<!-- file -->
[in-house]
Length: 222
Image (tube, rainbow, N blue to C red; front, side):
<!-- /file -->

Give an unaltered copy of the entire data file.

[in-house]
Length: 222
Image (tube, rainbow, N blue to C red; front, side):